I once went to a hearing voices group with a friend. He went a few times after that and said it was the best thing he had ever got from services.

    So I think we can’t generalise, but I do think bad group therapy is just the pits, boring and stressful.

  • The Dr’s said “I think in that case our hands are quite tied if someone is to dictate that we are not allowed to give the treatment which I think is best for that patient’s illness.”

    Good, as it should be.

    I think this shows there is a fightback happening by Dr’s and drug companies, that these meagre reforms are at risk and it will be a long struggle to ensure psychiatric patients have their full human rights.

  • No, I’m resting and wibbling away on facebbok and websites.

    I’ve done my bit, I set up speak out againsy psychiatry, I’m now bitter and as the modern boys say, burnt out.

    Get back to me when you, or anyone else has a decent strategy and maybe I’ll be, ‘in.’

    In the meantime I’m thinkonh of setting up a prize for the best escape from my local looney bin. I’m looking for prizes. Let me know if you want to offer anything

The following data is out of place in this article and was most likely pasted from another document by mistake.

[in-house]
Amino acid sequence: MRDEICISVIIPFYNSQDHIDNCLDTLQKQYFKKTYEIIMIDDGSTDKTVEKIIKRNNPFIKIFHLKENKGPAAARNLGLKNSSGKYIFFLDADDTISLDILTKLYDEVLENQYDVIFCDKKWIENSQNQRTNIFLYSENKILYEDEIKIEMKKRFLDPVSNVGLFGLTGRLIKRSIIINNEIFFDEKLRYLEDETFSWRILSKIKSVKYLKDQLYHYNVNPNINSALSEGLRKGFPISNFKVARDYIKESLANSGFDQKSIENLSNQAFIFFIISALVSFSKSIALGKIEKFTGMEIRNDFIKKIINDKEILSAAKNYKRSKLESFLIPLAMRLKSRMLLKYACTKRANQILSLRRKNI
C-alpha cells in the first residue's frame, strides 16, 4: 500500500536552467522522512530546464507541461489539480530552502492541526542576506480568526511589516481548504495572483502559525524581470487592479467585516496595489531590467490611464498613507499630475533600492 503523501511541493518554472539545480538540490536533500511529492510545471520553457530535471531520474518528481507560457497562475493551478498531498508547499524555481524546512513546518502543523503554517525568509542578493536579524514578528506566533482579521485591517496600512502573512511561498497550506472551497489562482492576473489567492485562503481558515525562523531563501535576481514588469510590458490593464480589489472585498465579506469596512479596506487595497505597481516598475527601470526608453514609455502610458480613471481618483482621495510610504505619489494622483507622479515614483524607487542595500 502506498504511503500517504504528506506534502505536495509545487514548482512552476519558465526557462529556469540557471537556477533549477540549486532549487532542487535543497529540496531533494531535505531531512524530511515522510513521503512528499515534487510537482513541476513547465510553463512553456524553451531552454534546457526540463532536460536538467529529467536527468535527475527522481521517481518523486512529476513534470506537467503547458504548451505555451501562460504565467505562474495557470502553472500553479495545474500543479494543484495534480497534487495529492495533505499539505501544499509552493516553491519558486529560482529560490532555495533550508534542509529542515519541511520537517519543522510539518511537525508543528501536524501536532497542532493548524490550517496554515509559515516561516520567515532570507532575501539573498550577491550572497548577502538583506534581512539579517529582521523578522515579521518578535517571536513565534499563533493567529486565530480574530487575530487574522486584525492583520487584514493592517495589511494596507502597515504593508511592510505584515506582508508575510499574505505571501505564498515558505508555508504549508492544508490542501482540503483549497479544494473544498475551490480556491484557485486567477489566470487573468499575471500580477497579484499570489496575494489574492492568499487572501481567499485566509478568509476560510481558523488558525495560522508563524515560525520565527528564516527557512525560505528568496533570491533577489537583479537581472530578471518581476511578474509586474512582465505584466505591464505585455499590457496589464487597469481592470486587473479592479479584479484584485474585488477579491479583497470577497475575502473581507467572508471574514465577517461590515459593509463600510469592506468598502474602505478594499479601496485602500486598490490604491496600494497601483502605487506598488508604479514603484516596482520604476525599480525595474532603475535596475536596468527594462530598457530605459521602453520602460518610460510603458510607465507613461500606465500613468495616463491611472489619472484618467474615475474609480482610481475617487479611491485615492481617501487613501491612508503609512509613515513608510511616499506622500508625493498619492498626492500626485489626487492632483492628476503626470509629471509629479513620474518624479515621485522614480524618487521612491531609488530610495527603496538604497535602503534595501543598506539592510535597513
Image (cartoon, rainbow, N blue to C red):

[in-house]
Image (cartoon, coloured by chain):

• I agree that re educating clients, or just people, that distress does not need to be seen as illness or disorder is entitely sensible. It is an approach that Sammi Timmimi takes in his oo clinics. I am glad you have been succesful in helping people with this approach. However yor style seemrd to have little sympathy for people falling for the trap of diagnosis in your original article, something I fall into too and which I am trying to ameliorate.

  • I certainly think the arguments outlined work like this for autism and adult ADHD.

    However I think the blaming of patients for not taking responsibility for themselves is not pleasant to read and counter productive. Most of society refuses to take responsibility for themselves and those whose lives have been especially hard do so more than most. It also is an individual response and not a systemic analysis.

    An analysis which looks at poverty, racism and other systemic injustices in the manufacture of distress and how psychiatry is a distraction from those and how these play out in individual choices would be more interesting to me.